Are you going on for the rest of your life, stumbling into respectability and having to be dug out again? Will you never learn you're a barbarian?

Leora says this to Martin in the third section of chapter 20 when Martin is going on about his speech and asking Leora why she had not liked it and why she had told him, on another occasion, that he had spoken to much. This is important because attempting to fit in is Martin's grandest fault. Martin is an "outsider" from the beginning, as many laboratory scientists are—he is an outsider at social gatherings and he is even an outsider in medical school and in the medical world at large. Nevertheless, Martin tries to fit in and is constantly tempted by success, power, and the praise of those that surround him. It is not until he is able to give this temptation up, not until he is able to give up his urge to fit in, can he truly concentrate on his real work.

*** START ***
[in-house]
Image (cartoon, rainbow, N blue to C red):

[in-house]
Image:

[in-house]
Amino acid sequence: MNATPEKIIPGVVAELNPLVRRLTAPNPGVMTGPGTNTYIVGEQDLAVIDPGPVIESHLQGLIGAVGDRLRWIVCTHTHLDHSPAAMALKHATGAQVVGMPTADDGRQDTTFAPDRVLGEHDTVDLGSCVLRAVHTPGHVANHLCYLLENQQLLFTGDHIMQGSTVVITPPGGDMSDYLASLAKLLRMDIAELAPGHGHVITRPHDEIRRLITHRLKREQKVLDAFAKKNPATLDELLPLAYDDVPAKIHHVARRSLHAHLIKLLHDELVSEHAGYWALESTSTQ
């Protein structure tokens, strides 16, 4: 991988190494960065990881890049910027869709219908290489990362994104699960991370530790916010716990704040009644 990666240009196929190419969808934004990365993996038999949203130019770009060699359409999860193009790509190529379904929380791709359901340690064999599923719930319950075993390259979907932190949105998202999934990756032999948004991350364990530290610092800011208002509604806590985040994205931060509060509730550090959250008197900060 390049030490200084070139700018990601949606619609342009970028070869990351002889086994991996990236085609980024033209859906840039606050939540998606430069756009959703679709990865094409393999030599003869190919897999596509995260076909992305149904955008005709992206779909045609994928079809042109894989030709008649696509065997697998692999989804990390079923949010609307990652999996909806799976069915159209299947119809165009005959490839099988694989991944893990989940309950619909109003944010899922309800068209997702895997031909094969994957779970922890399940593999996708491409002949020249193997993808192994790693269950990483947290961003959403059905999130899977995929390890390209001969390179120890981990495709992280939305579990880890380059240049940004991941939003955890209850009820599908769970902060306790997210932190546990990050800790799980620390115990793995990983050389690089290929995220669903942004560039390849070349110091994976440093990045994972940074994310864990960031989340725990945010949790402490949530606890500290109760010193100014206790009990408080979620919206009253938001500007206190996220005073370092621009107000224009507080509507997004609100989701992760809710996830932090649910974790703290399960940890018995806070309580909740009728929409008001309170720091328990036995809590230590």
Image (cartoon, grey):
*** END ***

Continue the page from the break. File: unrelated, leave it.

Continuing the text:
Also important to this quote is that Leora knows this and, aside from all of the above, this quote points to Leora's understanding of Martin and her ability to bring him to where he is meant to be. Although, at the beginning, she is why he has to give up the lab in order to become a doctor in Wheatsylvania, in the end, she understands him and his need to research and is ever supportive of these needs.